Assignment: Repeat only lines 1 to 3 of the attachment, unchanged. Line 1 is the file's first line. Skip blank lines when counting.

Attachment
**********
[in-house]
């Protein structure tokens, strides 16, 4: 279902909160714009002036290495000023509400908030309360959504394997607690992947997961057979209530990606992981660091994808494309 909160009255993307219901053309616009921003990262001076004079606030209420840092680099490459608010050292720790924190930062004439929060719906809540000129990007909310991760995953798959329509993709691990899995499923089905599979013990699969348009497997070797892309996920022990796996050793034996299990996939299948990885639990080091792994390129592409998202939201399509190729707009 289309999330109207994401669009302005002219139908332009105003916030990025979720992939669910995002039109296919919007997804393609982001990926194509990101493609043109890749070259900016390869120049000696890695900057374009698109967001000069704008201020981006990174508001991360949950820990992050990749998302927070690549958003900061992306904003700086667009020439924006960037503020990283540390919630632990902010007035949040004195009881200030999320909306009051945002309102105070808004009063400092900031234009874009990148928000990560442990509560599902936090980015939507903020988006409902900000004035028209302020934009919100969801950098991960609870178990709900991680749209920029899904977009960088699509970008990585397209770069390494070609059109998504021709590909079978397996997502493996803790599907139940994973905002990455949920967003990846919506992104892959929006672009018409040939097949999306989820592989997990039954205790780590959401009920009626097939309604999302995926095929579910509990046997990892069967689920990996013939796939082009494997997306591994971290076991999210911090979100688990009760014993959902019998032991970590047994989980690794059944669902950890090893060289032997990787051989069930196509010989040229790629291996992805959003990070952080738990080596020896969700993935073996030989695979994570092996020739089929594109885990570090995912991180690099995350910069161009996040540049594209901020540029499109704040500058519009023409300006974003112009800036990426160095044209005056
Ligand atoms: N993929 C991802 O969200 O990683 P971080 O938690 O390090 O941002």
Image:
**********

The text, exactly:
[in-house]
């Protein structure tokens, strides 16, 4: 279902909160714009002036290495000023509400908030309360959504394997607690992947997961057979209530990606992981660091994808494309 909160009255993307219901053309616009921003990262001076004079606030209420840092680099490459608010050292720790924190930062004439929060719906809540000129990007909310991760995953798959329509993709691990899995499923089905599979013990699969348009497997070797892309996920022990796996050793034996299990996939299948990885639990080091792994390129592409998202939201399509190729707009 289309999330109207994401669009302005002219139908332009105003916030990025979720992939669910995002039109296919919007997804393609982001990926194509990101493609043109890749070259900016390869120049000696890695900057374009698109967001000069704008201020981006990174508001991360949950820990992050990749998302927070690549958003900061992306904003700086667009020439924006960037503020990283540390919630632990902010007035949040004195009881200030999320909306009051945002309102105070808004009063400092900031234009874009990148928000990560442990509560599902936090980015939507903020988006409902900000004035028209302020934009919100969801950098991960609870178990709900991680749209920029899904977009960088699509970008990585397209770069390494070609059109998504021709590909079978397996997502493996803790599907139940994973905002990455949920967003990846919506992104892959929006672009018409040939097949999306989820592989997990039954205790780590959401009920009626097939309604999302995926095929579910509990046997990892069967689920990996013939796939082009494997997306591994971290076991999210911090979100688990009760014993959902019998032991970590047994989980690794059944669902950890090893060289032997990787051989069930196509010989040229790629291996992805959003990070952080738990080596020896969700993935073996030989695979994570092996020739089929594109885990570090995912991180690099995350910069161009996040540049594209901020540029499109704040500058519009023409300006974003112009800036990426160095044209005056
Ligand atoms: N993929 C991802 O969200 O990683 P971080 O938690 O390090 O941002």